1. I STILL HAVE CHECKS!!!1!!!!!eleventykabillion!1!

      1. My Bank of China credit card hasn’t reached its expiration date yet, so it must still be good, right?

    2. What about things like inflation?

      1. Hasn’t been a serious concern in at least 10 years, and thus is not a factor that enters the mind of the typical college sophomore posting at Slate.

  4. “Spending isn’t the problem,” Steve Benen wrote at Rachel Maddow’s blog in December. “We don’t have a spending problem. We have an aging problem,” seconded Mother Jones’s Kevin Drum in January. “We don’t have a spending problem, we have a military spending problem,” chimed in The Washington Post’s Ezra Klein.

    In addition to the fact that we don’t have just an aging problem or just a military spending problem, those quotes have an air of “It isn’t a spending problem because we refuse to call it that.”

    1. Government won’t be making much progress on the aging problem, considering they want the FDA to regulate vitamins and nutritional supplements.

      They are already confiscating walnuts on the basis the seller made health benefit claims for walnuts; thus, are illegal drugs.…..-Drugs.htm

      They’re joining the TSA in wanting to handle my nuts.

      On the plus side, you can get free mammograms and prostate exams at the airport now.

  5. like Edna said I am blown away that anybody can earn $6418 in 1 month on the computer. have you seen this link http

    1. Send this to Barack Obama.

    2. So, Presidebt Obama, with ads like that, why do we still have poverty and unemployment problems in the US???

  6. Aging Population = No Spending Problem. So the problem is inate in the eldery, through some as yet undiscovered magical property, they absorb money from the government?

    Isn’t this whole thing like saying: I don’t have a spending problem, my vacations are too expensive? Damn vacations.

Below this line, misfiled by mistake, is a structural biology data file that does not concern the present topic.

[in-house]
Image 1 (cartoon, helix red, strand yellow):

1. The magical property you’re looking for is called “voting”. Voters absorb money from the government, the elderly are better at it because there are more of them and more of them vote.

      Basically, the Greatest Generation started this mess. Maybe they didn’t know any better at the time. But now the Boomers have decided to ride it out, hoping they won’t live long enough to see the crash…

    2. What about the non-working class that are fulling capable of working. Don’t you think they absorb alot of the money?

      These aging people you talk about have worked their entire lives and paid into the system. What are you going to do when you get too old to work? You probably haven’t thought much about that because young people think they are going to be young forever.
      But why aren’t we talking about the non-working class, the ones that are fully capable of working. How much are we spending on them? Lets get them off the government payroll and back to work. That wouldn’t solve all our problems but it would be a responsible start.

      1. “What are you going to do when you get too old to work?”

        Certainly not collect Social Security because your generation continually voted for politicians that promised you “free stuff” and so your SS money was spent. Then you just voted the same politicians in again to give you all my SS money leaving none for anyone. Basically, all young people have to save enough for two retirements – yours (also called “FICA”) and our own which is called savings and a 401K.

        Fuck you and your BS. You had a vote for decades and your generation voted to spend all your savings, and now continue to vote in favor of stealing ours.

  7. “Oh, please, monsieur. It is a little game we play. They put it on the bill, I tear up the bill. It is very convenient.”

  8. I know that car-over-a-cliff picture better than I know a lot of my friends.

    The Administration sounds like those people that go on Oprah with massive personal debts, who think the problem isn’t the lifestyle, but that they don’t make as much as they deserve.

    1. I was thinking Judge Judy, but Oprah works too.

  9. It was for this reason that Buchanan favored balanced budget amendments rather than an endless series of tax cuts.

    I tend to agree. This could mean balance over some period of time instead of each year. I don’t care if we increase taxes or cut spending. I just think it’s a travesty to force future generations to pay for our selfishness and the crap *we* want rather than what *they* might want. Debt is a certainty. It will not go away short of default or hyper-inflation. Increasing taxes is gambling that growth will increase fast enough to match it. It’s a very unwise gamble.

    1. Pretty to think so, but a Balanced Budget Amendment would be treated exactly like the Second, Fourth, Fifth, Ninth, and Tenth Amendments.

    2. “The budget shall be balanced at least once during each 4-year presidential term.”

      Something like that might work. But only if people decide to start caring about the Constitution again…